Boston and San Antonio: Two of a Kind

Celtics Spurs: one of my favorite NBA match-ups. One that features the two preeminent big men of the new millennia as well as two of the league's best coaches. But the similarities don't end there. Both teams feature a trio of All-Stars who have sacrificed scoring, playing time, and salary for the good of their perspective teams.

Doc Rivers has praised Gregg Popovich on numerous equations, and when asked which values he shares with the Spurs 4-time Champion head coach, he responded "All of them, pretty much all of them". Both are known as "team-ball" advocates, defense-first believers (though lately the Spurs have become an offensive juggernaut), and master motivators.

While Tim Duncan was the ultimate #1 pick in 1997, Tony Parker was drafted with the 28th pick in 2001, and Manu Ginobili was taken at #58 in 1999, without a doubt the greatest draft steal from that late in the 2nd round. Current General Manager, R.C. Buford, has continued this unbelievable talent-scouting since taking over in 2002. With draft steals such as and Kawhi Leonard (15th) and trades for undervalued players like Laker-killer Danny Green, (drafted at 46 by Cleveland) he has surrounded his stars with top-notch role-players. Similarly, Celtics G.M. Danny Ainge has found underrated youngsters like Rajon Rondo (21st), Avery Bradley (19th), and Jared Sullinger (21st) to keep Boston in contention despite an aging core.

Boston has made deep playoff runs for 5 seasons, winning one championship in 2008, and San Antonio has made the playoffs every year for 15 years, winning four titles, which is even more impressive considering they are one of the NBA's smallest markets (as much as we complain about players going to L.A., Miami, and NYC, Boston is a still a huge city where tons of games reach National TV). However, the last 4 postseasons have seen both teams fall short of their ultimate goal, and the biggest reason has been the decline of their aging foundations. Tim Duncan and Kevin Garnett are still 2 of the game's best big-men, but in years when they struggled with injuries, their teams just couldn't compete. Last year, Boston and San Antonio almost met in the finals, and it's no coincidence that both The Big Fundamental and The Big Ticket had comeback seasons. While both teams should still mix it up in the postseason, their biggest hurdle is that everything must go right for them to win it all. Whereas the defending-champion Miami Heat overcame an abdominal-injury to Chris Bosh last season, and Dallas survived Caron Butler's season-ending knee injury the year before, neither the C's nor Spurs can make it through the playoffs without marquee guys like Rondo, Parker, Pierce, or Ginobili. On top of that, because veterans can't log 40 every night the way the Heat, Clippers, or Thunder stars can, the benches really have to step up. We've seen early struggles with an incosistent bench, and guys like Jeff Green and Courtney Lee will have to elevate their games for us to contend (just like the Leonard's, Green's, and Splitter's down in Texas).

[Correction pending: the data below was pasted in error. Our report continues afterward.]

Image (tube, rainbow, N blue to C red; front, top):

With Hall of Fame coaches and players battling in Beantown, tonight's matchup should be a treat for NBA fans, and you still can't count either the Celtics or Spurs out of meeting in this year's Finals.